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What The Water Gave Me – Florence + the Machine

7 Sep

Florence + the Machine: Ophelia meets Lady of Shalott

So it’s Autumn and there’s suddenly plenty of female artists to talk about. Yeah I know we’ve all been mad with Adele fever for the last few months (and quite rightly so), but now perhaps its time to just start loosening our grip on the CD case of 21 (CDs being very retro by this stage). Once we’ve managed this feat, metaphorically for many most likely, we might be able to turn our attention to Florence + the Machine and others who are here to sing out the end of 2011. It is perhaps far too crude to call  the red-head the music equivalent of Marmite, a title which doesn’t quite take into account the singer’s abilities and influence in the past few years. She has quickly risen to become one of the most prominent of our female cohort, and Beyoncé recently said that the London singer was the inspiration for her album 4. All this on the back of just one album, albeit a stunning and almost flawless album of which every song was pitched at single release material level. So what is her secret? More to the point: will she destroy everything she has built with her second album release? Well hopefully this will calm your fears. No. When an artist approaches a new album it is has to be in some small way, adapt or die. That is to say you have to show some sort of movement forward towards introducing a texture to your music which makes it just as exciting and groundbreaking as the last. This has to be achieved while remaining recognizably you in the DNA of the tune, in short it’s not an easy thing to do well. A few humbly offered examples might include the Arctic Monkeys and Coldplay, who have both evolved their sound into something different and exciting with each release.

What The Water Gave Me is only an early release from an album expected in November, so this might come as slightly premature but I think we can all relax. To reduce it to a simple check list would be crass… but I’m going to do it anyway:

Emotionally aware and image filled lyrics (Check)

Distinctive space-filling vocals (Check)

Fantastic multifaceted tune (Check)

Harp (Check)

So what’s new? What’s the progression? Well the inspiration for this particular tune is meant to be about capturing the feeling of being overwhelmed (with water in this case). Welch said she thought about people dying while trying to save loved ones. For me one of the images to come to mind is the opening scene from The Hours in which a woman walks into a river, her dressing gown pockets full of stones while the water reflects the honey sun. But it is sure to say that these lyrics once again return to Welch’s exploration of death and life, and the balance and juxtaposition between the two. The tune though feels more gritty and more rough textured, and with the welcome addition of what sounds like a rock organ, there is this balance between control and chaos. So early signs indicate that this is both going to be a truly recognisable Florence and the Machine album and also a progression to a sound which is perhaps more complex than her previous work. You’ll have to wait for the rest of the album but this early release is definitely worth a listen and if only for perhaps the preparation of Florence Fever in a few months. Personally I cannot wait.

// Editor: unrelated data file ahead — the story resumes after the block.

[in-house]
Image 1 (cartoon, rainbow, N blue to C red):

Live @ The Isle of Wight Festival 2011 – Day 3

14 Jun

Fun fact: the Isle of Wight is the first festival to be filmed in 3D, the on site Sky lounge is probably full of people trying to stay warm and enjoy the festival experience as rain hits the third day of the festival. But for those who brave the elements the main stage is the place to be, with both Liam Gallagher and the Kasabian front man, Tom Meighan, commenting on the Third dimensional aspect of the festival with appropriate hand gestures.

Two Door Cinema Club
Opening up the main stage were the indie rockers, offering a light early afternoon jam with sympathy for the drizzle laden crowd. They offered the perfect example of how an indie band can fill a main stage, while remaining true to their tightly arranged style.The first of an incredible line up they stood out with their modest words and tunes, getting the early crowd bouncing and singing along.

Pixie Lott
The weather had turned for the worst as the young soloist stepped onto the stage in an outfit made for conditions far from the actual weather. Her slightly nervous start could be excused for inexperience with the festival crowd, she first played a festival here in 2009 in the Big Top stage, but unfortunately it really didn’t lift anything, especially the spirits of the crowd. The early siting of an auto tune unit was also confirmed when she spoke to the crowd, thank god she wasn’t lip-syncing though, or I might have never have forgiven what I had hoped was the start of a different pop star. I still have hope for this genuine and modest girl, her preview single, No One Does It Better, sounded more orchestral and soft than previous tunes, the weather was perhaps unfortunate for her but that’s the British summer for you.

Plan B

The stage was dressed for the Defamation of Strickland Banks star, and on strolled a grey suited man to warm the crowd up. Using only human formed sounds he wowed the frozen fans with an eclectic mix of beat boxing drum & bass, dance, and popular music, using only a microphone. Then on strolled Plan B and we finally got the show we wanted, as he cycled through the hits on his avant-garde and edgy album. Perhaps not the best performer on the stage that day but he definitely brought a sense of solo performance with boldness to warm even chilled festival goers.